How Mike Daisey Failed American Theatre

March 19th, 2012 § 11 comments

I have never seen Mike Daisey perform. However, I have been to The Public Theatre many times, I have read many reviews of and features about Daisey’s The Agony and The Ecstasy of Steve Jobs (and his other monologues) and have discussed it with people who have seen it and were, indeed, quite enthusiastic about it. Apparently, by the standards of non-fiction that Mr. Daisey followed, at least until this past Friday, I could have claimed to have seen his show. Yet I never would have thought to do so.

As someone whose primary interests have long been the arts and journalism, “The Daisey Affair” is a train wreck, media circus, artistic bombshell and teaching moment all bound up with a bright big bow of schadenfreude. After declaring to all who would listen, both free and paid, that he was an honest messenger about deplorable conditions, Daisey got his comeuppance when, after repurposing portions of his stage piece for radio’s “This American Life,” someone sought to fully fact-check his claims and found them wanting, insofar as Daisey’s own first-hand experiences went. There have been independent reports of the working conditions at Apple’s China-based supplier Foxconn; Daisey himself did not witness all of the effects and abuses at those plants, and had wholly fabricated certain anecdotes.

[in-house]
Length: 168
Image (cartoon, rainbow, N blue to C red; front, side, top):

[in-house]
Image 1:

Perhaps it is fitting that Daisey was caught out by public radio itself, since the excerpt that ran on their stations was no doubt heard by more people than had actually seen Daisey perform the piece at The Public Theater and Woolly Mammoth Theatre Company as a whole (this is a guess, not a fact). Frankly, had it not been for the “This American Life” airing and its tragic sequel, “Retraction,” theatergoers may well have gone on indefinitely believing everything Daisey said to be true as objective fact. So while public radio may well loom larger, proportionally, in overall impact, I would like to focus solely on the theatrical presentation, since that is the world in which I travel.